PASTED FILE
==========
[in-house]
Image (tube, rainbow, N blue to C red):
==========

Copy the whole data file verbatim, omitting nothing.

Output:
[in-house]
Image (tube, rainbow, N blue to C red):